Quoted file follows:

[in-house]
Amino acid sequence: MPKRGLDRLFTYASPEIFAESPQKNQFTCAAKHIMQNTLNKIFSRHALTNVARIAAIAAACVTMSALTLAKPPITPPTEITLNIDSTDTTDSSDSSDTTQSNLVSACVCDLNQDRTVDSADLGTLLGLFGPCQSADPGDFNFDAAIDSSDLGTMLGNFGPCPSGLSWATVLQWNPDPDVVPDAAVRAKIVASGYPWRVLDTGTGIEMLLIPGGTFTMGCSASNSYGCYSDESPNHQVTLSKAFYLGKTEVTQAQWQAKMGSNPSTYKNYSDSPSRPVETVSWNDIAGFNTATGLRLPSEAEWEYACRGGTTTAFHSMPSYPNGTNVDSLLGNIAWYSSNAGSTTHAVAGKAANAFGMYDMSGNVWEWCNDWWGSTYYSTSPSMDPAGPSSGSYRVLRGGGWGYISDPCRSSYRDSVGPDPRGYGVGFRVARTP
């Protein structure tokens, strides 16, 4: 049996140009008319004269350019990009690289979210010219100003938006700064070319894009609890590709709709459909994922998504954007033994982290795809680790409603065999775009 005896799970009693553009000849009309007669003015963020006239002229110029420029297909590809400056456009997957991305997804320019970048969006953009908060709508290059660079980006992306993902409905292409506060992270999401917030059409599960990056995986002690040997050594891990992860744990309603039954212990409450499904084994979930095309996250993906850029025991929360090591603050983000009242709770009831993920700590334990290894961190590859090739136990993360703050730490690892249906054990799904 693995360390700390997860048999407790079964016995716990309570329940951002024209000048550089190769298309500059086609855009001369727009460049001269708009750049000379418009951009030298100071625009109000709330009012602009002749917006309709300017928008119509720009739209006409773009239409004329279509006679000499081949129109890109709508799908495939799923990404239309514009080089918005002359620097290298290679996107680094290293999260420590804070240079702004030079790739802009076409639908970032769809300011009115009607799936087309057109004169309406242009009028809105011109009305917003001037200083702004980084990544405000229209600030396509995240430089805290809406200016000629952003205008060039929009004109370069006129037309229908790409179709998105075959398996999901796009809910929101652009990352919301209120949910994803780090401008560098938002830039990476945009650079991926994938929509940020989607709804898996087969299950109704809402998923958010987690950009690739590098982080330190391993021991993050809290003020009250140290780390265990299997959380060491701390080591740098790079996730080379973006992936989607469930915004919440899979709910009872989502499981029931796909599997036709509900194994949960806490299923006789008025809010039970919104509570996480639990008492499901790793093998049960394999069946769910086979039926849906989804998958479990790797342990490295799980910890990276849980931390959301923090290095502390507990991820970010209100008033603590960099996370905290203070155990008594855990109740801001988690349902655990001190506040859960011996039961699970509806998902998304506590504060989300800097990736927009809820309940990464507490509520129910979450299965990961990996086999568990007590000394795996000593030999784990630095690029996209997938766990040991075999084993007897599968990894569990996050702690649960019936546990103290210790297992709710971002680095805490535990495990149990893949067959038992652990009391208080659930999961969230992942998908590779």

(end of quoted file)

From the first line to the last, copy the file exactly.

[in-house]
Amino acid sequence: MPKRGLDRLFTYASPEIFAESPQKNQFTCAAKHIMQNTLNKIFSRHALTNVARIAAIAAACVTMSALTLAKPPITPPTEITLNIDSTDTTDSSDSSDTTQSNLVSACVCDLNQDRTVDSADLGTLLGLFGPCQSADPGDFNFDAAIDSSDLGTMLGNFGPCPSGLSWATVLQWNPDPDVVPDAAVRAKIVASGYPWRVLDTGTGIEMLLIPGGTFTMGCSASNSYGCYSDESPNHQVTLSKAFYLGKTEVTQAQWQAKMGSNPSTYKNYSDSPSRPVETVSWNDIAGFNTATGLRLPSEAEWEYACRGGTTTAFHSMPSYPNGTNVDSLLGNIAWYSSNAGSTTHAVAGKAANAFGMYDMSGNVWEWCNDWWGSTYYSTSPSMDPAGPSSGSYRVLRGGGWGYISDPCRSSYRDSVGPDPRGYGVGFRVARTP
């Protein structure tokens, strides 16, 4: 049996140009008319004269350019990009690289979210010219100003938006700064070319894009609890590709709709459909994922998504954007033994982290795809680790409603065999775009 005896799970009693553009000849009309007669003015963020006239002229110029420029297909590809400056456009997957991305997804320019970048969006953009908060709508290059660079980006992306993902409905292409506060992270999401917030059409599960990056995986002690040997050594891990992860744990309603039954212990409450499904084994979930095309996250993906850029025991929360090591603050983000009242709770009831993920700590334990290894961190590859090739136990993360703050730490690892249906054990799904 693995360390700390997860048999407790079964016995716990309570329940951002024209000048550089190769298309500059086609855009001369727009460049001269708009750049000379418009951009030298100071625009109000709330009012602009002749917006309709300017928008119509720009739209006409773009239409004329279509006679000499081949129109890109709508799908495939799923990404239309514009080089918005002359620097290298290679996107680094290293999260420590804070240079702004030079790739802009076409639908970032769809300011009115009607799936087309057109004169309406242009009028809105011109009305917003001037200083702004980084990544405000229209600030396509995240430089805290809406200016000629952003205008060039929009004109370069006129037309229908790409179709998105075959398996999901796009809910929101652009990352919301209120949910994803780090401008560098938002830039990476945009650079991926994938929509940020989607709804898996087969299950109704809402998923958010987690950009690739590098982080330190391993021991993050809290003020009250140290780390265990299997959380060491701390080591740098790079996730080379973006992936989607469930915004919440899979709910009872989502499981029931796909599997036709509900194994949960806490299923006789008025809010039970919104509570996480639990008492499901790793093998049960394999069946769910086979039926849906989804998958479990790797342990490295799980910890990276849980931390959301923090290095502390507990991820970010209100008033603590960099996370905290203070155990008594855990109740801001988690349902655990001190506040859960011996039961699970509806998902998304506590504060989300800097990736927009809820309940990464507490509520129910979450299965990961990996086999568990007590000394795996000593030999784990630095690029996209997938766990040991075999084993007897599968990894569990996050702690649960019936546990103290210790297992709710971002680095805490535990495990149990893949067959038992652990009391208080659930999961969230992942998908590779």